So far, the majority of the research and developmentefforts on FSW have been on aluminum alloys.412) BecauseAl alloys are easy to deform at relatively low temperatures(below about 550C), they undergo FSW easily.
Nevertheless, steel remains the primary material for bodystructures of all high-volume, mass-produced cars. Thestrong, customer-driven emphasis on safety and corrosionprotection has been driving the increased use of galvanizedsteel in automobile body construction. However, the weldingof galvanized steel presents some unique technical challeng-es to both the steel suppliers and the auto end-users due to themarked differences between welding galvanized steels andwelding the bar or uncoated versions of the same steelproducts. The different physical and electrical properties ofthe coating, compare to those of low-carbon steel, lead toits quite different weld formation and welding behavior.
The plating of the coating onto the copper alloy electrodes,in addition to its alloying with these electrodes, greatlyaccelerates the electrode wear.1316)
Recently, Research about FSSW of steel alloys is in-creased and shown successful result including low carbonsteel,17,18) DP600,19) DP80020) and M-190,21) an effort wascommenced to evaluate this joining process for moreproblematic steel alloys. However, these steel alloys haduncoated surface and FSSW of galvanized steel has notbeen examined. Also, in general, a tool with a threaded pin isused for severe plastic deformation in FSSW. In a previousreport,22) Y. Tozaki et al. indicated that the length ofthreaded probe strongly affected on the strength of FSSWjoints. However, there have been reports of the threaded pintool causing a decrease in the joints volume and upperplates thickness, owing to the deep tool penetration.23,24)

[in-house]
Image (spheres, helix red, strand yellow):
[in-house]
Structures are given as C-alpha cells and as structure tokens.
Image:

Moreover, using the conventional tool, pin hole inevitablyremains at the centre of the weld nugget. It is believedthat corrosion could take place preferentially at the pin holebecause rainwater remains in the hole, where body paintbarely reaches the bottom. And Uematsu et al. reported thatshear strength and fatigue strength of joint were improvedusing the re-filling process due to wide joint area and pin holewas not remained after welding.25) Considering these results,it seems that reliability of the joint will be increased byreducing of the pin hole depth and enlarge the joint area.